Research (draft)

My work is deeply rooted within the phenomenological tradition, especially as it is exhibited in Merleau-Ponty and Husserl’s work. That is because I strongly believe that we need to take seriously the descriptions of first-person experiences in order to highlight what are the conditions necessary for these experiences and how these conditions can be indicative of human life. So I use a phenomenological approach in order to think about two main questions:

  1. What is intersubjectivity?
  2. What is it like to have extreme experiences of morality?

I try to address these questions altogether or separately in my work because I believe that they are deeply intertwined, and I am interested in understanding how this intertwinement takes place. Intersubjectivity is the fundamental condition for there to experience morality, as you could not be moral or immoral if others didn’t exist. But it has different shapes and colors depending on the experiences we have and my research interest is precisely to see how these variations in intersubjectivity operate specifically in extreme experiences of life, such as in extreme morality. What I mean by extreme morality are experiences of spontaneous heroism, spontaneous horrific or traumatic events like crimes of passion, self-defense murder, and so on. I am interested in cases where morality is experiential and appeals to extreme degrees of emotional affect in such a way that shatters or disturbs our sense of reality. My aim is to explore the phenomenological input of these experiences in order to understand how they can lead to trauma and various disruptions within our sense of self and our sense of what is real.

Master’s Research

My MRP (Major/Master’s Research Paper) is an exploration of the topic of heroism within Merleau-Ponty’s work. Merleay-Ponty makes a few ambiguous references to heroic behavior within his work, most notably at the end of the Phenomenology of Perception through a cryptic citation of Antoine de Saint-Exupéry. But his references to heroism have been totally underexplored in the scholarship on his work, and the few interpreters who paid attention to those have merely focused on the political undertone of these references. In this project, I provided a newer reading of these references by suggesting that they are exemplifying Merleau-Ponty’s ideas on perception and embodiment, and that heroism serves for him as the end-result of a contention between perception and freedom. This is also a further hint about his interest in accounting for a moral component of perception and phenomenology overall.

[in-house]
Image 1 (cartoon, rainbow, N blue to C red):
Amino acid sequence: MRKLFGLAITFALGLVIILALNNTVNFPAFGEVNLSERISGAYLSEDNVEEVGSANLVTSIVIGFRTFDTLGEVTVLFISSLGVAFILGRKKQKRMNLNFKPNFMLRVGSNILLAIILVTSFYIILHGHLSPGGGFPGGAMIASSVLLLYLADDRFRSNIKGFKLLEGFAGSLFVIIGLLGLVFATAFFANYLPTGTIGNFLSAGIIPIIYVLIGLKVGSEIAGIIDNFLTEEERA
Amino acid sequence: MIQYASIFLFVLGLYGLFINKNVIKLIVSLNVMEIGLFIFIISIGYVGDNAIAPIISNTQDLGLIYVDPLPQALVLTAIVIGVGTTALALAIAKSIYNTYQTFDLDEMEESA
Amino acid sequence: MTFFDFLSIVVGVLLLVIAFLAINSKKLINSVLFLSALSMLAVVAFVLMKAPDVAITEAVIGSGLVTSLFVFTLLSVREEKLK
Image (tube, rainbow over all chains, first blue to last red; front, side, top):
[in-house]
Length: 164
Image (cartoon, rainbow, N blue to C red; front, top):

Throughout my interpretation of Merleau-Ponty on heroism I attempt to further inform modern testimonies about what I call spontaneous heroism, which are cases of civilians who spontaneously put their lives in danger in order to save others at risk of dying. My interpretation of Merleau-Ponty’s work on heroism helps explain that spontaneous heroism is not the result of psychological conditioning but rather the result of people acting on the basis of moral significations that they perceive in those situations of danger.

Abstract: This paper argues that there are cases of selfless sacrifice, which I call spontaneous heroism, during which the hero is primarily motivated by moral significations that are perceptually provided to them on a pre-judicative level through the event they are experiencing. Spontaneous heroism is not a result of psychological conditioning or rational deliberation but the hero’s pre-judicative and bodily relation to perceptual motives and significations that engender the course of action that leads them to save others in danger. My argument both draws and contributes to scholarship and interpretation of Maurice Merleau-Ponty’s texts on heroism and freedom in relation to perception. Most scholars have interpreted his references to heroism in relation to his political thought, but in ways that neglect his interest in the primacy of perception, which informs and leads him to discuss heroic experiences. I push back against this neglect in the literature in order to investigate sacrifice and heroism on the level of perception. I explain that moral significations can arise pre-judicatively if we understand the perception as being affective, linked to Merleau-Ponty’s concept of the body-schema as intersubjective, and involved with his own understanding of pre-judicative experience which he calls the pre-personal. The way in which I expose these phenomenological concepts to describe modern cases of spontaneous heroism leads back to freedom as a central issue for heroism in Merleau-Ponty’s work. Overall, my work further supports other current research on the phenomenon of moral orientation.

You can read my paper here.

Ph.D Research

My research at the Ph.D level project is currently centered around a twofold project: 1) To retrace a historical connection between the concept of pre-judication in Husserl and the concept of pre-personal level of perception (also understood as anonymity) in Merleau-Ponty; 2) To understand further what these two concepts can entail regarding experiences of morality.


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